For the seventh installment of our Winners on Winning series, we spoke with Paisley Rekdal, the winner of the 2013 University of North Texas Rilke Prize for her poetry collection, Animal Eye, published in 2012 by the University of Pittsburgh Press. The $10,000 prize is given annually to a midcareer poet. Animal Eye was also a finalist for the Kingsley Tufts Poetry Prize and the Balcones Poetry Prize. Rekdal's previous books include an essay collection, The Night My Mother Met Bruce Lee; a hybrid-genre memoir, Intimate; and three previous books of poetry, A Crash of Rhinos, Six Girls Without Pants, and The Invention of the Kaleidoscope. She teaches at the University of Utah.
What kind of impact has winning the Rilke Prize had on your career?
The Rilke Prize relieved me of certain fears about the current direction of my writing, in particular the kinds of aesthetic interests and experiments with which I was, and am now, engaged. That kind of validation is probably the biggest reward any prize can give, outside of a sudden influx of cash. In terms of connections, the Rilke prize put me in direct contact with Bruce Bond, Corey Marks, and Lisa Vining at UNT, which led to some wonderful conversations over my week there about art and reading, the state of the lyric, and the best place to buy cowboy boots. As for what the prize itself allowed me to do financially, it helped pay for a new roof, which (considering my bathroom ceiling that winter was literally uddered with snowmelt-filled paint balloons) was a true blessing.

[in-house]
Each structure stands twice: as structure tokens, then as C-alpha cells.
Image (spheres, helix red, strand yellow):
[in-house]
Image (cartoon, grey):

Has winning this award, or previous awards, changed the way you approach your work?
Like any good American or egomaniac, I love awards, but I can't write for them. I don’t think anyone does. In terms of the seriousness with which I take my work, however, prizes have certainly given me the confidence to be more ambitious.
Have you ever entered a contest that you didn't win?
I can’t begin to list all the contests that I’ve entered and haven’t won. The upside of being a 95% loser, 5% winner (if I’m lucky that year) is that I’ve learned how to brush off the rejection and continue to write, even within hours of a serious disappointment. Disappointment is, in fact, a great thing for a writer (if by "great" we also mean "getting kicked in the groin"), since it forces you either to learn how to enjoy the writing process itself or give up. Over the years, I’ve also been a judge for small and large contests across the nation, and these experiences have taught me that, once you’ve winnowed the best manuscripts down to a small handful, picking a single winner is frighteningly arbitrary. Being a finalist or semifinalist really is a good sign, as I tell my students: it means that your skills are recognizable, even if they aren’t the ones the judge-of-the-moment loves most.
What advice would you offer to writers thinking of submitting to writing contests?
Gird your loins. And take nothing—whether it’s failure or success--personally.
For more Winners on Winning, read the current issue of Poets & Writers Magazine, and check back here every Wednesday for a new installment.